Meet a Health Hero: Dr. Maureen Kelly
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Name: Dr. Maureen Kelly
Role: Founder of The Wellnest
Who or what motivates you to be healthy?
When I turned 60, my daughter told me she needed me around for at least 40 more years. Let’s just say since then I’ve been really good about getting in my four miles of walking a day.
Describe a health or fitness-related turning point in your life.
An epiphany I had at one point was that as miraculous as western medicine is, it is not all there is to health and wellness. Humans are more complex and all aspects of what we are impact one another. It is well documented that a physical problem or diagnosis such as cardiac surgery or infertility can lead to anxiety and depression. There is no reason not to acknowledge this upfront and seamlessly have the support in place when needed.
For over 25 years I have worked with women at all stages of life and listened very carefully to their health goals and challenges. For many of my patients, I am their primary physician, regardless of whether they also see me for gynecologic, endocrine, or fertility care. The thing I have heard the most frequently over all those years is that people want to live healthy lives, they want to feel the best they can, they hear the advice given but they don’t know where to look for the support they need to get there. I realized at that point that in Philadelphia, finding that support was piecemeal and that created an impediment. That’s why we started The Wellnest, to create the kind of place where all people in Philly could get the ongoing, even daily, support in all areas of their health and wellness.
What policy would you institute to make Greater Philadelphia a healthier region?
This may or may not be a ‘policy’ per se, but with Philadelphia being such an amazing hub for medical education, I believe that physician educators here such as myself have an obligation to teach the future physicians of this city and country to be sensitive to the overall picture of a person’s health, regardless of why the patient is entering the health system. This includes all aspects of wellness — physical, mental and spiritual. Specialization is necessary and wonderful but we need to integrate all that we can in helping our patients achieve wellness. For example, when an individual comes into the health system for a gastrointestinal bypass, we can’t ignore that that person may also need psychological, nutritional, and exercise support for years to come in addition to their post-operative care. I know a podiatrist who has accurately diagnosed and referred many young women with an endocrine condition that I treat, polycystic ovarian syndrome. One knows immediately how thorough and attentive he must be when he interviews his patients who come to him for a foot disorder!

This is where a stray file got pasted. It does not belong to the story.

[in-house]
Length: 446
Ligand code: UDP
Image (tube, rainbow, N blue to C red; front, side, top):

What’s the most important part of your health or fitness regimen?
I have to answer this question in two ways. The first way is to say, consistency. Put simply, the people I know who are the healthiest and strongest late into their lives are the ones who exercise most days of the week and eat fresh, nutrient-dense foods in small portions regularly throughout the day. But the other more complex way to think about a “health and wellness regimen,” which I don’t think people necessarily consider, is that your health and fitness is tied to many things. Yes, it’s related to your fitness and your diet, absolutely. But overall wellness extends way beyond these things. You have to continually ask yourself: How are my relationships? Am I satisfied with my career choices? Am I learning about things I want to be learning about? Am I paying enough attention to my spirituality? These things ultimately contribute enormously to our health and our happiness, and our regimen and lifestyle need to tend to these factors as well.
What is your number one piece of health-related advice/encouragement?
I think the most important thing for people to think about is that your health is in your hands and in every choice you make throughout each day. Protecting and maintaining your health is an ongoing, daily thing, and sometimes it means making some serious adjustments in the way you live your life and sometimes small steps are needed. One cannot look to a pill or a quick cleanse to achieve health, but caring for your body and your mental wellbeing has to be integrated into how you choose to live. This may sound daunting, but if you look in the right places you can find the people to build your support team and the information to empower you to live a very long and healthy life. The outcome of taking good care of yourself couldn’t be more worth it.
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